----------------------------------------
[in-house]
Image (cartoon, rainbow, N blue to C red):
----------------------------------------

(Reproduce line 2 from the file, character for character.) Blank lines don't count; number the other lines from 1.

Image (cartoon, rainbow, N blue to C red):